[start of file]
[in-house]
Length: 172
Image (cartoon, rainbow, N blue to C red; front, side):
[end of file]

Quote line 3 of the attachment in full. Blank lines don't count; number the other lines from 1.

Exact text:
Image (cartoon, rainbow, N blue to C red; front, side):